Analysis of Vehicle Tip Stability in Side Impact Tests 2000-01-1650
An analysis of vehicle tip stability in NHTSA Side Impact New Car Assessment Program (SINCAP) tests was conducted in order to better understand the causes of possible tip-over in such a test, and the potential relationship to occupant safety. Analyses were conducted of accident data involving light passenger vehicle rollovers. SINCAP tests conducted at several facilities with SUV-type vehicles were reviewed. A computer simulation model of the SINCAP test was developed and used to analyze the effects on vehicle tip-over of variations in vehicle and test facility parameters. It was found that fatal accidents involving “multi-vehicle rollover” (ie, SINCAP like conditions) were the least frequent among four accident types examined; and that SUV’s had the lowest fatality rate in such accidents, among the four vehicle types examined. Also, it was found that tip-over occurrence in the SINCAP test was found to be very sensitive to several unspecified test facility characteristics, which may vary among test facilities; and that it might be possible to “tune” a vehicle for no tipover in the SINCAP test, with little or potentially even adverse effects on actual occupant protection and vehicle safety. Overall it was concluded that the SINCAP test was not suitable for analyzing vehicle rollover potential or rollover safety.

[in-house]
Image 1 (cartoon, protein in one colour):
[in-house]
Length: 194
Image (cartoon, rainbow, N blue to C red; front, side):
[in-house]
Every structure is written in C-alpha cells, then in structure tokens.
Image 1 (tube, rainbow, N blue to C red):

Proceedings of the 2000 Automotive Dynamics and Stability Conference-P-354, Occupant and Vehicle Responses in Rollovers-PT-101, SAE 2000 Transactions Journal of Passenger Cars - Mechanical Systems-V109-6